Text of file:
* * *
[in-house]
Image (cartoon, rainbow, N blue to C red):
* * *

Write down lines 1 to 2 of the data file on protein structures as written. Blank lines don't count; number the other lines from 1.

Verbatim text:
[in-house]
Image (cartoon, rainbow, N blue to C red):